The manufacturers of violent video games are under fire in the courts and from Congress for being partially responsible for the recent spree of teenage shootings.
When representatives of the video-game industry recently gathered in Los Angeles for the Electronic Entertainment Expo, or E3, as it is widely known, exhibitors were caught between crowing over the huge financial growth of the industry, which hauled in $6.3 billion in 1998, or eating crow about the alleged link between violent computer and video games and teen violence.
If little more than a decade has passed since the innocent game of computer table tennis known as "Pong" first captured the hand-eye reflexes of millions of Americans, these days the menu for computer-game entertainment resembles that of an out-of-control, all-you-can-eat buffet, with a few choice selections to bring in the crowds, a lot of filler in the middle and some decidedly rotten stuff around the edges.
Throw into the mix a $100 million lawsuit filed by attorney Mike Breen, who is representing the surviving families of three students killed by Michael Carneal, a 14-year-old Paducah, Ky., high-school student who by all accounts was obsessed with violent video games, opening fire on his classmates on Dec. 7, 1997. Add the recent hearings on this issue convened on Capitol Hill by Sen. Sam Brownback of Kansas, and it's little wonder that members of the games industry are squirming in their seats.
Brownback described some of the games in a speech on the Senate floor: "The video game `Quake' put out by Midway Games and ID Software, the same company as the producer of `Doom' consists of a lone gunman confronting a variety of monsters. For every kill, he gets points. As he advances in the game, the weapons he uses grow more powerful and more gory -- he trades in his shotgun for an automatic and later gets to use a chain saw on his enemies. The more skilled the player, the gorier the weapons he gets to use. Bloodshed his reward. Quake sold more than 1.7 million copies its first year out. This may seem over-the-top, but they are among the more popular games around. One survey of 900 fourth through eighth graders found that almost half the children said their favorite electronic games involved violence."
The lawsuit filed by Breen in April is starting to wend its way through the courts. "Michael Carneal clipped off nine shots in about a 10-second period" says Breen. "Eight of those shots were hits. Three were head and neck shots and were kills. That is way beyond the military standard for expert marksmanship. This was a kid who had never fired a pistol in his life, but because of his obsession with computer games had turned himself into an expert marksman."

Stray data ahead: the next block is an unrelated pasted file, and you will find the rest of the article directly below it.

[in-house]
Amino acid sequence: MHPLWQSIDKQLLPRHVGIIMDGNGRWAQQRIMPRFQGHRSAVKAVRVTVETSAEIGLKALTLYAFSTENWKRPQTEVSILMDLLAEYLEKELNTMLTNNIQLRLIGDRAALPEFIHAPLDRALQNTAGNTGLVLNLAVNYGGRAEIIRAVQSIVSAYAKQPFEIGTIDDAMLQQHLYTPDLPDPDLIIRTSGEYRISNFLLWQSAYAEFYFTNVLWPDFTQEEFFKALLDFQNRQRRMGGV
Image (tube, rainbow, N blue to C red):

Ironically, it was Carneal's defense that may have provided the legal standing for the court challenge. "When Michael Carneal was charged with murder they brought in one of the foremost adolescent psychiatrists in the country -- not to get him out from under what he did but to try and get the families to agree to a lesser sentence. What Dr. Diane Schetky did was find a causative role between the computer video games that Michael was playing and the crime he
committed" says Breen.
Among those whose voices have risen to damn the computer-game industry for recklessness is Lt. Col. Dave Grossman, a former professor of psychology at the U.S. Military Academy, who taught a course that analyzed the psychology of killing. He says of some of the games, "They are murder simulators which over time teach a person how to look another person in the eyes and snuff their life out."
Grossman, who hafts from Jonesboro, Ark., where in March 1998 four high-school girls and their teacher were gunned down by two boys under the age of 14, says: "I spent the first three days after the tragedy at Westside Middle School, where the shootings took place, working with the counselors, teachers, students and parents. …